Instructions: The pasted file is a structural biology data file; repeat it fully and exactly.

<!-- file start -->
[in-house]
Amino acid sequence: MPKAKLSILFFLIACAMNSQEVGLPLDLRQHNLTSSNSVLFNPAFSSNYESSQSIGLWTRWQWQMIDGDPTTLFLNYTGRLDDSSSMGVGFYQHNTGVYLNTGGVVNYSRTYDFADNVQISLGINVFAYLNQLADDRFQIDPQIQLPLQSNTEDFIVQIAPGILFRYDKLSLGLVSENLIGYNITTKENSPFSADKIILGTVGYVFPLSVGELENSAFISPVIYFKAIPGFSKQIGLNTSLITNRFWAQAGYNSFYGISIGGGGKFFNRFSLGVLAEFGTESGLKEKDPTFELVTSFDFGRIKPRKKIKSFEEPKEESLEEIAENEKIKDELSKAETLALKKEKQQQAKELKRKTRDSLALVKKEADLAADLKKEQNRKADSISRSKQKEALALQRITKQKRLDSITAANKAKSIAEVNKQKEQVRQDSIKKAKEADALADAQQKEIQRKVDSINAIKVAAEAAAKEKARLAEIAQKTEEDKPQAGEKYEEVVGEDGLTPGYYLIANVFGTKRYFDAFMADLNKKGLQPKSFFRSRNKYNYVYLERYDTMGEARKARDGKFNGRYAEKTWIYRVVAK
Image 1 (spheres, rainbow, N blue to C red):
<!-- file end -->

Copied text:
[in-house]
Amino acid sequence: MPKAKLSILFFLIACAMNSQEVGLPLDLRQHNLTSSNSVLFNPAFSSNYESSQSIGLWTRWQWQMIDGDPTTLFLNYTGRLDDSSSMGVGFYQHNTGVYLNTGGVVNYSRTYDFADNVQISLGINVFAYLNQLADDRFQIDPQIQLPLQSNTEDFIVQIAPGILFRYDKLSLGLVSENLIGYNITTKENSPFSADKIILGTVGYVFPLSVGELENSAFISPVIYFKAIPGFSKQIGLNTSLITNRFWAQAGYNSFYGISIGGGGKFFNRFSLGVLAEFGTESGLKEKDPTFELVTSFDFGRIKPRKKIKSFEEPKEESLEEIAENEKIKDELSKAETLALKKEKQQQAKELKRKTRDSLALVKKEADLAADLKKEQNRKADSISRSKQKEALALQRITKQKRLDSITAANKAKSIAEVNKQKEQVRQDSIKKAKEADALADAQQKEIQRKVDSINAIKVAAEAAAKEKARLAEIAQKTEEDKPQAGEKYEEVVGEDGLTPGYYLIANVFGTKRYFDAFMADLNKKGLQPKSFFRSRNKYNYVYLERYDTMGEARKARDGKFNGRYAEKTWIYRVVAK
Image 1 (spheres, rainbow, N blue to C red):